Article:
Nietzsche seeks the “counter-drives” to the drive of industrial labor for wages alone (the birth of consumer culture). He argues for what he calls “virtuous stupidity; what is needed are unwavering beat-keepers of the slow spirit,” the counter-balance of the speed and haste of industrial culture (from Aphorism 76). The counter-drive is to connect with oneself through art and the example of art even within this culture of wages. “Only artists…have taught us to value the hero that is hidden in each of these everyday characters and taught the art of regarding oneself as a hero, from a distance and as it were simplified and transfigured – the art of ‘putting oneself on stage’ before oneself. Only thus can we get over certain lowly details in ourselves. Without this art we would be nothing but foreground…” (from Aphorism 78)

Remember, once again, Nietzsche is writing a call to action to “free spirits” not to the herd of humanity. “As an aesthetic phenomenon existence is still bearable to us, and art furnishes us with the eye and hand and above all the good conscience to be able to make such a phenomenon of ourselves. At times we need to have a rest from ourselves by looking at and down at ourselves and, from an artistic distance, laughing at ourselves or crying at ourselves; we have to discover the hero no less than the fool in our passion for knowledge; we must now and then be pleased about our folly in order to be able to stay pleased about our wisdom!” (from Aphorism 107)
The discovery of the hero and the fool in each of us, both necessary components to overcome the many errors of human consciousness made manifest in human economic society, morality, and the multitude of other mistakes, takes place in a war among inner drives. “The course of logical thoughts and inferences in our brains today corresponds to a process and battle of drives that taken separately are all very illogical and unjust; we usually experience only the outcome of the battle: that is how quickly and covertly this ancient mechanism runs its course in us.” (from Aphorism 111)

The multitude of drives seem for Nietzsche to be a reality in itself, apart from human awareness, undergoing their own processes for discovery and learning at a non-rational level of human experience. “…the doubting drive, the denying drive, the waiting drive, the collecting drive, the dissolving drive. Many hecatombs of human beings had to be sacrificed before these drives learned to grasp their coexistence and feel the functions of one organizing force in one human being!” (from Aphorism 113)

The infamous “madman” passage announces the death of God. But, it must be remembered, that God is murdered by those who don’t even realize they have done so, by those who in fact worship Him; murdered through errors in consciousness, the herd’s desire for wages with mere material purpose, and the functional nature of commercial culture and errant morality. “’God is dead! God remains dead! And we have killed him! How can we console ourselves, the murderers of all murderers! There was never a greater deed – and whoever is born after us will on account of this deed belong to a higher history that all history up until now!’ Here the madman feel silent and looked again at his listeners; they were too silent and looked at him disconcertedly. Finally, he threw his lantern on the ground so that it broke into pieces and went out. ‘I come too early,’ he then said; it has not yet reached the ears of men. Lightning and thunder need time; the light of the stars needs time; deeds need time, even after they are done, in order to be seen and heard. This deed is still more remote to them than the remotest stars – and yet they have done it themselves!” (from Aphorism 126)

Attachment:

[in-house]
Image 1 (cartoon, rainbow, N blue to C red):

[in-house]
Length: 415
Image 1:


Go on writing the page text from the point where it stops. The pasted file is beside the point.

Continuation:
For Nietzsche, the murder of God will result in nihilism in the near future. It is a complete misunderstanding of Nietzsche to believe he celebrated the death of God or took joy in the resulting meaninglessness of life. Nietzsche sought to find meaning, to avoid the consequences of the death of God even before the effects of this death were widely experienced.

The relevant, mature response to this death is to recognize the multiplicity of human reality. Here, Nietzsche first introduces his true hero concept. “But above and outside oneself, in a distant overworld, one got to see a plurality of norms; one god was not the denial of or anathema to another god! Here for the first time one allowed oneself individuals; here one first honored the rights of individuals. The invention of gods, heroes, and overmen (Ubermenschen) of all kinds, as well as deviant or inferior forms of humanoid life (Neben- und Untermenschen), dwarfs, fairies, centaurs, satyrs, demons, and devils, was the invaluable preliminary exercise for the justification of egotism and sovereignty of the individual: the freedom that one conceded to a god in his relation to other gods one finally gave to oneself in relation to laws, customs, and neighbors.” (from Aphorism 143)

It is this self-created and self-claimed freedom, developed not through morality nor through the monetary schema of industrial culture, but rather through the discovery of skilled, creative living, that Nietzsche begins to attribute to the Ubermenschen. This is something he explores in greater detail in his next work, a work destined to become his most famous philosophical effort.

But, before we can appreciate that work we have to understand the profound motivation behind it. Much of that motivation had to do with his best friend, Paul Ree and a special woman that entered Fritz’s life upon his return from Messina, weeks before the drafts of The Gay Science were completed.